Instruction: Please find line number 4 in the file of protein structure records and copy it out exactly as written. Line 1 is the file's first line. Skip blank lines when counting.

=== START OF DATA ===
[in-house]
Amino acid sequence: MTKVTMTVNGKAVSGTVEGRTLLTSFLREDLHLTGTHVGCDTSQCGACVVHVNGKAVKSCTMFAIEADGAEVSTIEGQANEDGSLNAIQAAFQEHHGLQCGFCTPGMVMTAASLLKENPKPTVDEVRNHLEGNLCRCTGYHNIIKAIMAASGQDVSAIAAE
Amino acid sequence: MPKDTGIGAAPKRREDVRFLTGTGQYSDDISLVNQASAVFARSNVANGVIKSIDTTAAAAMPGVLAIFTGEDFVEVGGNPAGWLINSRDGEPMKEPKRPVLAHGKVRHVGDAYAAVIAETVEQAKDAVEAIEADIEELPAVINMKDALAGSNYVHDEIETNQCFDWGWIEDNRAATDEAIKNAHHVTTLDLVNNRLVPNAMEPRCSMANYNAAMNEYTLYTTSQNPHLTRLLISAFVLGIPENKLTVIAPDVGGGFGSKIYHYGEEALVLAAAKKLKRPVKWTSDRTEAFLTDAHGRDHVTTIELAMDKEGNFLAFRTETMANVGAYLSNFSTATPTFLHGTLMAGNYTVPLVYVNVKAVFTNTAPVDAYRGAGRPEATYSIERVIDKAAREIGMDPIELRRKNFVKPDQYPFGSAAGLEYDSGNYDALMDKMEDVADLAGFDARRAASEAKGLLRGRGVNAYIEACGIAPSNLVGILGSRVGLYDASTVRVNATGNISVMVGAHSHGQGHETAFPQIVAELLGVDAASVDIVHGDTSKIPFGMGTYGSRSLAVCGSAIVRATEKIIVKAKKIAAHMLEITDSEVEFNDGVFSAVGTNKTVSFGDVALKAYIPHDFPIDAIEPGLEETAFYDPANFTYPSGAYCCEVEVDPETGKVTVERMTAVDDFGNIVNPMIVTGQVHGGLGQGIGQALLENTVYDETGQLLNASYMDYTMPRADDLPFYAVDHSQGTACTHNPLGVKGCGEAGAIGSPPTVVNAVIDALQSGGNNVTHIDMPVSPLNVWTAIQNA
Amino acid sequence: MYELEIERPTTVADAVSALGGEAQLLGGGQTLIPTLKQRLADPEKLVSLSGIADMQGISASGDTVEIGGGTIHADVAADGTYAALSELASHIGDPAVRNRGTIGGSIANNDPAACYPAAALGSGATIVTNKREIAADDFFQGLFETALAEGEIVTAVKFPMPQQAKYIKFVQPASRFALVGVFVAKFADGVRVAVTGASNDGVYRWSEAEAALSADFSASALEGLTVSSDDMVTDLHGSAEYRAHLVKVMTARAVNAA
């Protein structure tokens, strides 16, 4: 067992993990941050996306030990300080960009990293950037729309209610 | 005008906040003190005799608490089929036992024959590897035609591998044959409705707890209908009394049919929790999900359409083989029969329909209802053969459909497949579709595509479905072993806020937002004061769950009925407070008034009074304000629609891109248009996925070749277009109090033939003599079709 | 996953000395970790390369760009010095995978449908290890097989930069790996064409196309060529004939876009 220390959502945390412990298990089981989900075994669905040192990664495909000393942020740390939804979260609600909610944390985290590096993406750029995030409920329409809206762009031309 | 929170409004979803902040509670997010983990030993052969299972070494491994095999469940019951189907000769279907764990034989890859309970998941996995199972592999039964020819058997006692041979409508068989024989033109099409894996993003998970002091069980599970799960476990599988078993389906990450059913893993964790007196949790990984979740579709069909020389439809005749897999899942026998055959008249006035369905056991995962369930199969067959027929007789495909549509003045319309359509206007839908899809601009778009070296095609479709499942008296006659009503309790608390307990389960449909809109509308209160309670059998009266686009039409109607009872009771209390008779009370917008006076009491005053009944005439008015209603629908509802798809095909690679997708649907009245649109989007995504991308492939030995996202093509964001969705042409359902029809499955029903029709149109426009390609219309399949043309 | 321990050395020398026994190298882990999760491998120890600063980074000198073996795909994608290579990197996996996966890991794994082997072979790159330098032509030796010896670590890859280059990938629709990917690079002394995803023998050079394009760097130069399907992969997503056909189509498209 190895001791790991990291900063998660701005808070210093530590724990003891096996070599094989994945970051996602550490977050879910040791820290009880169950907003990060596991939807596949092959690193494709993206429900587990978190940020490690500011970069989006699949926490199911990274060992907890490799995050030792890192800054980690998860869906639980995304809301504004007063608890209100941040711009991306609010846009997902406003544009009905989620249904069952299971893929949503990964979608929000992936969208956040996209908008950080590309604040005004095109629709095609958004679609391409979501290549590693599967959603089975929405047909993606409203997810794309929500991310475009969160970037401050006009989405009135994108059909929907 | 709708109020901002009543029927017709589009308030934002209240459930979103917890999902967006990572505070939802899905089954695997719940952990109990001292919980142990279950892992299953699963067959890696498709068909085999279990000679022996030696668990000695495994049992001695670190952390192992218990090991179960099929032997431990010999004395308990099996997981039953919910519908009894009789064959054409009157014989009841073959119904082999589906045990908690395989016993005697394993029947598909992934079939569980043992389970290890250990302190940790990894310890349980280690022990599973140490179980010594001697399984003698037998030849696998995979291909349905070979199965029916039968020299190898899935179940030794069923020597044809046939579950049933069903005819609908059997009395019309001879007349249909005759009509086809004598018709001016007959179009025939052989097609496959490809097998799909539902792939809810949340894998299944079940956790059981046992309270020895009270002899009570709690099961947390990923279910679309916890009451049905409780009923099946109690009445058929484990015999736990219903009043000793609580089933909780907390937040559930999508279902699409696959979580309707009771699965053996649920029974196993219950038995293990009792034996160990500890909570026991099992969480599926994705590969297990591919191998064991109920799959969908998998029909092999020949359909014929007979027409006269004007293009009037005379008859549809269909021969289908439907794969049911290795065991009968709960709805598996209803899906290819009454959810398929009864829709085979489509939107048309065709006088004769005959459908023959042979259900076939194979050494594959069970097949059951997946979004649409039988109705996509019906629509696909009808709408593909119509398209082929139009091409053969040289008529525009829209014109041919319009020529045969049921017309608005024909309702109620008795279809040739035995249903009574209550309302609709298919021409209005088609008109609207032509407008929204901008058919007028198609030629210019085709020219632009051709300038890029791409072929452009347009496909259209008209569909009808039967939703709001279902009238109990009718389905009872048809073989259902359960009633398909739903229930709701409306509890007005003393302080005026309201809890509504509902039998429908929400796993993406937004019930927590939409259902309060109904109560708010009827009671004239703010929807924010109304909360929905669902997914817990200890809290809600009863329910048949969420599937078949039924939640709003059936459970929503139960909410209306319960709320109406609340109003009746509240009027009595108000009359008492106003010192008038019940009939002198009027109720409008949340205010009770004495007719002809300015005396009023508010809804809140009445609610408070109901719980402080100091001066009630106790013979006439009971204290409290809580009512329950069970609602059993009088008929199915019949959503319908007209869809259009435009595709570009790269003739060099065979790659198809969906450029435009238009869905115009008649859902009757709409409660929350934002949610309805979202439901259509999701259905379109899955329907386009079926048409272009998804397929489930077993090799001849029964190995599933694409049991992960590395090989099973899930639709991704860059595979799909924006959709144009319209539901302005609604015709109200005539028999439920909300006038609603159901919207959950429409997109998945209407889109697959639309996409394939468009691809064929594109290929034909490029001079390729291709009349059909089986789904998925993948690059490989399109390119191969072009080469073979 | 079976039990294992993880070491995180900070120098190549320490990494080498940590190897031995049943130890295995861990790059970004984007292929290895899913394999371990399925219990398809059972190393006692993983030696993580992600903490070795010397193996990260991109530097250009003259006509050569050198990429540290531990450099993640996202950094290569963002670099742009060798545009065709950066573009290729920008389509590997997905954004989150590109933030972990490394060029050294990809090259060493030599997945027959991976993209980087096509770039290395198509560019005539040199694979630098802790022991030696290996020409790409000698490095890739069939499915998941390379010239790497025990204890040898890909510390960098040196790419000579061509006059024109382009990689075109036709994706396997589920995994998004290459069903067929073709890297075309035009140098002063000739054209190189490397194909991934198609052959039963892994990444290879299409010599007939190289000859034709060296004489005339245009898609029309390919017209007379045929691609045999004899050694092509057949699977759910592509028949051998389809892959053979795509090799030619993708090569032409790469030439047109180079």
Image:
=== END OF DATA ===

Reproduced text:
Amino acid sequence: MYELEIERPTTVADAVSALGGEAQLLGGGQTLIPTLKQRLADPEKLVSLSGIADMQGISASGDTVEIGGGTIHADVAADGTYAALSELASHIGDPAVRNRGTIGGSIANNDPAACYPAAALGSGATIVTNKREIAADDFFQGLFETALAEGEIVTAVKFPMPQQAKYIKFVQPASRFALVGVFVAKFADGVRVAVTGASNDGVYRWSEAEAALSADFSASALEGLTVSSDDMVTDLHGSAEYRAHLVKVMTARAVNAA